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Mano a Mano: Pete’s Strava Battle

Long-time Bicycling Australia journalist Peter Maniaty recently became involved in a light-hearted segment tussle on Strava, as he explains here.

Things began innocently enough. At the end of a leisurely ride over the Christmas break of 2017, I decided to include a quick lap of the inauspicious suburban street that surrounds my parents’ home in Brisbane’s western suburbs. For purely nostalgic purposes, I then made it a Strava segment and, given no-one else had ever ridden the same anonymous 760-metre loop with a whopping five metres of elevation, I instantly became KOM holder.

For the next four or so years, nothing changed. In fact, there was so little activity on the segment I forgot it even existed. Until April 2022, that is. One morning back home in Sydney, I received the tell-tale notification from Strava. “Uh oh! You just lost your KOM.” Really? I had a quick check and it was the loop surrounding Mum and Dad’s place.

I had a chuckle. I wasn’t annoyed, but I certainly was a bit surprised, largely that anybody even cared enough to take such a nondescript KOM from me. Maybe they didn’t care? Maybe it was purely accidental? Oh well, whatever the reason, given I was living 950km away there wasn’t much I could do about it and I quickly forgot about it again.

Fast forward seven months, however, and I found myself laughing with a few mates about the phenomenon of Strava segment hunters and recounted the tale of my lost KOM. I mentioned I would soon be heading back to my family home in Brisbane for Christmas 2022 and everyone joked that I should try and reclaim it. I always take my bike anyway, and the new time was only a few seconds faster than the original (casually ridden) record, so I was pretty confident I could get it back. I assumed the holder was probably long gone anyway and no-one would even notice. How wrong I was!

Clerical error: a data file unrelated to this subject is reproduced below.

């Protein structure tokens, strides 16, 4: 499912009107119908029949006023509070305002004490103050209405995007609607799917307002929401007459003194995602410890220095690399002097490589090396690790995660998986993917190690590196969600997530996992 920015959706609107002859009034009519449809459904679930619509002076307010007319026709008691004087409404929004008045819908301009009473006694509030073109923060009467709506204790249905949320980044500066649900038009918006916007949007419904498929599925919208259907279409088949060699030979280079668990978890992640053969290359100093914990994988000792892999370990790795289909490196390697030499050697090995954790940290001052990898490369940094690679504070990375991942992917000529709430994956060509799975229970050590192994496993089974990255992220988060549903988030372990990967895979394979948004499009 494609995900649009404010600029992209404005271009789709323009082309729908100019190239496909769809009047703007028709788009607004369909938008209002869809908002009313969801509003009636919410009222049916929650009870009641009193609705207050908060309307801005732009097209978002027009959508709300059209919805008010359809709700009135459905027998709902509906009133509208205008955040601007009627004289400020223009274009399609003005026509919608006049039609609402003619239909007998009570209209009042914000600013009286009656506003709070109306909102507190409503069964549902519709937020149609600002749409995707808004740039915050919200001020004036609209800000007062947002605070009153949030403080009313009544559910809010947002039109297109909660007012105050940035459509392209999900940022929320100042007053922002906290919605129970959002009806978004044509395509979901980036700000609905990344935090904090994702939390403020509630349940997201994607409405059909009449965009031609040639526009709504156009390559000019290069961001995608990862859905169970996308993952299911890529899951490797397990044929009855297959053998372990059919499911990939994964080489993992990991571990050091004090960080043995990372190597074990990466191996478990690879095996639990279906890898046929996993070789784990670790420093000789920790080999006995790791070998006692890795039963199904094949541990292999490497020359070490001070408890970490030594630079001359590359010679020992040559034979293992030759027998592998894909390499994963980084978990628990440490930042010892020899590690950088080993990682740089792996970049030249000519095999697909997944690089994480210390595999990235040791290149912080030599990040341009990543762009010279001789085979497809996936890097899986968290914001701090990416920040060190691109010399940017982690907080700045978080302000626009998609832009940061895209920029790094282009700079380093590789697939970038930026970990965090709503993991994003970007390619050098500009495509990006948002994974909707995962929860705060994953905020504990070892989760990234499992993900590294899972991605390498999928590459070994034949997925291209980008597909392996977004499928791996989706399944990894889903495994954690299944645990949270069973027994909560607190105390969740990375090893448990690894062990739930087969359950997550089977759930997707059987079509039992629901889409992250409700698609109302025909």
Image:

Brisbane’s River Loop

I arrived in Brisbane a few days before Christmas. On the first morning, I set out for a traditional ‘River Loop’, but first I rode a few laps of the segment around Mum and Dad’s place. It was 4:45am, not another human in sight, and my Garmin told me I’d successfully lowered the mark by two seconds. I smiled.

For the next few hours, I rode triumphantly around Tennyson, West End and St Lucia, satisfied in the knowledge that order had been restored, not to mention a bit of family honour. However, within barely an hour of completing the ride, I received a notification on Strava. “Uh oh! You just lost your KOM.”

“No way!” I thought to myself. Far from no-one caring, it became clear there was someone who cared about this little segment very much. Closer inspection showed the previous KOM holder, who obviously lived nearby, had lowered my new time by a full four seconds. I told my family the somewhat unexpected news and they all had a laugh. But I cannot lie. I was a bit pissed off. My teenage son then piped up, “Well, you better get back out there Dad and take it back!” He was right. Game on.

It’s On!